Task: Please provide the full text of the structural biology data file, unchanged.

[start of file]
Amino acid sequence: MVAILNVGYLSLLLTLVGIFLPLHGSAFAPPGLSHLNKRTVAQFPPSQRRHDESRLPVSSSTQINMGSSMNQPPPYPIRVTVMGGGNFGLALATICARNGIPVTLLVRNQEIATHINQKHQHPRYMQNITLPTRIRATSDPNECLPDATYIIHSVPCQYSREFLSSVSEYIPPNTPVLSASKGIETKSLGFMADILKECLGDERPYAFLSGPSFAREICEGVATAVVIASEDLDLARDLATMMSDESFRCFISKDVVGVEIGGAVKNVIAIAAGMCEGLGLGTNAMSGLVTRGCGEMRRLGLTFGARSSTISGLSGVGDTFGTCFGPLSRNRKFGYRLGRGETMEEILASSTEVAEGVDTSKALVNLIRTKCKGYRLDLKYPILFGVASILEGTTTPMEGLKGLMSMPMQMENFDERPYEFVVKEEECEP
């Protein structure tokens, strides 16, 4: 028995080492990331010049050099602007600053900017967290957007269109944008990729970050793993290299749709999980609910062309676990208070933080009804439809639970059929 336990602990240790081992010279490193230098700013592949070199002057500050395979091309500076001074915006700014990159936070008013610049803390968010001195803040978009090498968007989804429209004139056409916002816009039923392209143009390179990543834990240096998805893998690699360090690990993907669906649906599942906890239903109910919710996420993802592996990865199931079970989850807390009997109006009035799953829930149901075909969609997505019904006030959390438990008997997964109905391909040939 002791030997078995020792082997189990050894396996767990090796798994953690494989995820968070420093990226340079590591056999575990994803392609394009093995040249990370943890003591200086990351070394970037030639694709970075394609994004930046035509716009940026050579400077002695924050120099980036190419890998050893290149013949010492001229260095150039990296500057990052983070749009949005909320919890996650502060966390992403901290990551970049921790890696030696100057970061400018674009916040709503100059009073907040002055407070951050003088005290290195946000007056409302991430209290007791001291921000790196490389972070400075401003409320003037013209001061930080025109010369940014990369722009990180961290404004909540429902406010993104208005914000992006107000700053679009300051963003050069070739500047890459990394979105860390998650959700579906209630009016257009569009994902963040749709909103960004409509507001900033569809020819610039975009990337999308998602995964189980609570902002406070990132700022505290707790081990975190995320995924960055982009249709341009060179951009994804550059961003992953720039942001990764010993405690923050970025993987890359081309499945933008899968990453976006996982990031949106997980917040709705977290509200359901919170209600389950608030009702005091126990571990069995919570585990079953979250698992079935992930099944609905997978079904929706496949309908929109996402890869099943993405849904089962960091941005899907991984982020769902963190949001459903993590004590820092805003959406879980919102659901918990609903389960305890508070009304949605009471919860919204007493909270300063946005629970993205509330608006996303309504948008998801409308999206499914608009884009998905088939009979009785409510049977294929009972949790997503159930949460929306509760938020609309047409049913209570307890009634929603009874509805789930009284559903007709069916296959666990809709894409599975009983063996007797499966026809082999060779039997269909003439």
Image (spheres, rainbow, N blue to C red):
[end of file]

Amino acid sequence: MVAILNVGYLSLLLTLVGIFLPLHGSAFAPPGLSHLNKRTVAQFPPSQRRHDESRLPVSSSTQINMGSSMNQPPPYPIRVTVMGGGNFGLALATICARNGIPVTLLVRNQEIATHINQKHQHPRYMQNITLPTRIRATSDPNECLPDATYIIHSVPCQYSREFLSSVSEYIPPNTPVLSASKGIETKSLGFMADILKECLGDERPYAFLSGPSFAREICEGVATAVVIASEDLDLARDLATMMSDESFRCFISKDVVGVEIGGAVKNVIAIAAGMCEGLGLGTNAMSGLVTRGCGEMRRLGLTFGARSSTISGLSGVGDTFGTCFGPLSRNRKFGYRLGRGETMEEILASSTEVAEGVDTSKALVNLIRTKCKGYRLDLKYPILFGVASILEGTTTPMEGLKGLMSMPMQMENFDERPYEFVVKEEECEP
């Protein structure tokens, strides 16, 4: 028995080492990331010049050099602007600053900017967290957007269109944008990729970050793993290299749709999980609910062309676990208070933080009804439809639970059929 336990602990240790081992010279490193230098700013592949070199002057500050395979091309500076001074915006700014990159936070008013610049803390968010001195803040978009090498968007989804429209004139056409916002816009039923392209143009390179990543834990240096998805893998690699360090690990993907669906649906599942906890239903109910919710996420993802592996990865199931079970989850807390009997109006009035799953829930149901075909969609997505019904006030959390438990008997997964109905391909040939 002791030997078995020792082997189990050894396996767990090796798994953690494989995820968070420093990226340079590591056999575990994803392609394009093995040249990370943890003591200086990351070394970037030639694709970075394609994004930046035509716009940026050579400077002695924050120099980036190419890998050893290149013949010492001229260095150039990296500057990052983070749009949005909320919890996650502060966390992403901290990551970049921790890696030696100057970061400018674009916040709503100059009073907040002055407070951050003088005290290195946000007056409302991430209290007791001291921000790196490389972070400075401003409320003037013209001061930080025109010369940014990369722009990180961290404004909540429902406010993104208005914000992006107000700053679009300051963003050069070739500047890459990394979105860390998650959700579906209630009016257009569009994902963040749709909103960004409509507001900033569809020819610039975009990337999308998602995964189980609570902002406070990132700022505290707790081990975190995320995924960055982009249709341009060179951009994804550059961003992953720039942001990764010993405690923050970025993987890359081309499945933008899968990453976006996982990031949106997980917040709705977290509200359901919170209600389950608030009702005091126990571990069995919570585990079953979250698992079935992930099944609905997978079904929706496949309908929109996402890869099943993405849904089962960091941005899907991984982020769902963190949001459903993590004590820092805003959406879980919102659901918990609903389960305890508070009304949605009471919860919204007493909270300063946005629970993205509330608006996303309504948008998801409308999206499914608009884009998905088939009979009785409510049977294929009972949790997503159930949460929306509760938020609309047409049913209570307890009634929603009874509805789930009284559903007709069916296959666990809709894409599975009983063996007797499966026809082999060779039997269909003439």
Image (spheres, rainbow, N blue to C red):